• National Lime Day is September 26
    You may come across other holidays with a citrus title that don’t honor the fruit.

    For example, March 24th is National Orange Day at Syracuse University, when students and alumni honor the university’s color, orange.

    There are three types of oranges: sweet oranges (Citrus x sinensis), bitter oranges (Citrus x aurantium) and mandarins (Citrus reticulata)—here’s the difference between mandarins and oranges.

    Oranges are members of the Rutaceae family, which includes the citrus genus and many species within the genus (grapefruits, lemons, limes, oranges, pomelos, etc.). There are some 1,600 subspecies.

    The oranges we mostly consume are sweet oranges (bitter oranges are used for marmalade and some other culinary purposes).

    The sweet orange is a hybrid between the pomelo (Citrus maxima) and the mandarin. Sweet oranges are about 70% of the global citrus industry.

    Wild oranges originated in the region that is now southern China and northern India. They have been cultivated for at least 7,000 years in India, and in China for some 4,500 years.

    They were bitter and originally used for medicinal purposes, with sweet varieties developed after centuries of breeding.

    It is believed that traders from the Persian Empire brought oranges from India and Sri Lanka to the Roman Empire, as early as 100 B.C.E. Oranges then spread by multinational trading ships and caravans.

  • The Romans, known for bringing their agricultural products to their conquered territories, spread orange trees across the Mediterranean. From Libya, groves spread to Morocco and Spain.
  • Portuguese traders established trade routes around Africa’s Cape of Good Hope to Asia. Their travels introduced oranges around the globe.
  • Italian traders traded oranges in the Mediterranean region in the 1400s.
  • Spanish colonists brought oranges to the New World by the 1500s. Ponce de Leon is alleged to have brought the first orange trees (bitter oranges) to Florida in the early 1500s.
  • By 1579, the city of St. Augustine, Florida had its first citrus groves.
  • The French brought oranges to what is now Louisiana. From New Orleans, that seeds were brought to Florida about 1872, and many orange groves were established by grafting the sweet orange onto sour orange rootstocks [source].
  • The Spanish brought oranges to South America and to their missions in Arizona and California. Arizona received the orange tree with the founding of missions between 1707 and 1710 [ibid].
  • In California, the orange was brought to San Diego by those who built the first mission there, in 1769. An orchard was planted at the San Gabriel Mission around 1804. A commercial orchard was established in 1841 on a site that is now a part of Los Angeles, by William Wolfskill [ibid].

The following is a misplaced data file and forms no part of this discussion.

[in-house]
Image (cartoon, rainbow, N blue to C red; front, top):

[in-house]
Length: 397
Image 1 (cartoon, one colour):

• In 1781, a surgeon and naturalist on the ship Discovery, collected orange seeds in South Africa, grew seedlings on board and presented them to tribal chiefs in the Hawaiian Islands on arrival in 1792. (alas, the crop had to be abandoned after a Mediterranean fruit fly infestation).

    By the 11th century, using seeds of Persian oranges, Spain and Morocco began to produce improved orange varieties.

    One well-known variety is the Seville orange from Spain, a bitter orange used for marmalade and liqueurs.

    Soon, oranges were grown on Cananeia, an island off São Paulo in Brazil.

    The orange became a popular and healthy† fruit globally.

    Today, oranges are the fifth most-purchased fruit in the U.S., following bananas, apples, strawberries and grapes [source].

    Prior to 1920, the orange was mainly served as a dessert fruit. The per-capita consumption increased with:

  • The spread of orange juice as a beverage.
  • The growing appreciation of the dietary value of citrus fruits [source].
    The bulk of U.S. orange crop consists of three main varieties: the Washington Navel, the Valencia and the Hamlin. Other varieties, including the blood and bergamot oranges, are grown in smaller amounts.

  • The Washington Navel orange has a thick, easy-to-peel rind and is easy to segment, making it one of the most popular eating oranges. It is not used for juicing, as its higher limonene content adds bitterness.
  • The Valencia orange is smaller and juicier than Navels, with a thinner rind and few seeds. It is popular for juicing. It is the most popular juicing variety grown in California.
  • The Hamlin is similar to the Valencia, but with a lighter color fruit and juice. Seedless, it is popular for juicing. It is the most popular variety grown in Florida.


    Prior to World War II, most Americans drank canned orange. During World War II, the federal government and the Florida Department of Citrus worked with a group of scientists to develop a superior-tasting product.

    The result, frozen concentrated orange juice, was introduced in 1948. A small tube, easy to store in the freezer, was mixed at home with water. The juice was affordable, tasty, convenient and high in vitamin C.

    By the 1980s, food scientists had developed a fresher-tasting refrigerated juice known as reconstituted ready-to-serve juice. The next improvement, in the 1990s, “not from concentrate” (NFC) refrigerated juice, remains the standard today.


    Before the late 15th century, the color we know as orange existed in Europe, but without the name. It was simply called yellow-red.

    Portuguese merchants brought the first orange trees to Europe from Asia in the late 15th and early 16th century. They introduced them by their Sanskrit name, naranga.

    Naranga became naranja in Spanish, laranja in Portuguese, arancia in Italian, and orange in English, French and German.


    *A study of the leading orange juice producing countries worldwide in 2019/2020, from Statista.

    †The health value of orange juice is debatable. It has a high concentration of vitamin C, but also a very high concentration of simple sugars, comparable to soft drinks. As a result, some nutritional advice encourages the substitution of orange juice with the raw fruit, which is a lower-glycemic option [source].